4. Get outside. I get it, it’s cold, it’s probably wet and it’s grey. There are dozens of other excuses, too, but you can either keep complaining or just get off your hindquarters and just leave the house for a bit. And I’m not only telling you this, but also myself. Electrical light (which is needed most of the time here in the Northern hemisphere at the moment) is just no substitue for natural light, fresh air is one of the most reviving things there is and there’s nothing to make you appreciate your central heating more than coming home after a walk in the cold. Take in the raw beauty of hibernating nature, the bare trees, the crystals your local frost fairies have left on fallen leaves and naked stalks, the rippling of icy water or even the light reflected on a frozen surface. If you have snow, even better.
  5. Get yourself a present. Or two. Is there something you wanted all year but never dared to buy because it’s a little more expensive and you couldn’t justify it for yourself? Now’s the time. When better to give yourself something than after almost a year of stress and hardships and at the end of the dark? Celebrate it. Buy it, wrap it, and place it at the end of your bed or under the tree or wherever you place gifts (or even better, have someone place it for you) and unwrap it on a special day – be that the Solstice, Christmas Day or New Year’s Eve. Display it so you can see it and be happy about it. It’s not a shame to be happy about material things, as long as they truly make you happy and are not just substitues for something that would.
  6. Research. Maybe the kind of holidays you’ve been disliking so far were just not for you? Maybe you should switch Santa for the Christkind, Krampus or Befana? Maybe you’re not that kind of person and the Holly King (or Queen) or Sol Invictus is more to your liking. Maybe you actually want ten days of Newton instead of a tree. Or how about Saturnalia? And maybe all you need to celebrate is the astrophysical fact that the Earth has made it around the Sun yet another time. Find the holidays you like or make up your own, but find the time to celebrate, and – most importantly – don’t spoil other people’s holidays (also here’s a nice post to get you started on your very own brand of midwinter celebrations) . Which brings me to my last item on the list:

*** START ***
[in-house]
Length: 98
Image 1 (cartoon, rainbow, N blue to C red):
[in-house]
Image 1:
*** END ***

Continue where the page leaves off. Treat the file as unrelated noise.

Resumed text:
7. Go with the flow. If you don’t celebrate and somebody wished you a Merry Christmas, Happy Hannukah, Joyous Kwanzaa or Blessed Yule don’t berate them. Don’t snap at them. Don’t look at them as if they’d just done something despicable. Say something along the lines of “you too”, because this person is most likely to wish you no harm but simply a good time. If you want something more neutral wish people “Happy Holidays” because most people have the time off (and wishing them good tidings isn’t the worst thing).
    Don’t be rude. And if someone is rude to you during these days: smile. Be nice. Maybe they hate the holidays. Maybe they just don’t have anyone to celebrate with. Maybe they’re stressed because they work in retail.
    Don’t be a jerk. We’re all on the same lump of dirt in the vast void of the universe, and that lump has made it through another year, despite our efforts. Isn’t that reason enough to celebrate? And maybe some of the festive spirit will rub off on you after all.

I hope I could give you some inspiration as to how to make the best of this season. I personally wish for a loud, fun Yuletide with my blood and chosen family with lots of delicious food and a bonfire and cheesy TV specials and therefore I wish you the same. And of course a great time leading up to the holidays, whatever yours might be.

(P.S.: That’s our yule tree this year on top of the post, the first ever in our new place!)


2 thoughts on “7 Ways to get you into the Spirit of the Season (Last Minute)

  1. “We’re all on the same lump of dirt in the vast void of the universe, and that lump has made it through another year, despite our efforts.”

    Thank you!

    Thanks for this wonderful text about the whole idea of the midwinter celebration. I get the one or other odd look when people notice that I as an atheist celebrate christmas.
    I think it’s a wonderful family holiday and I’m looking forward to meeting with everyone and eating lots of delicious food.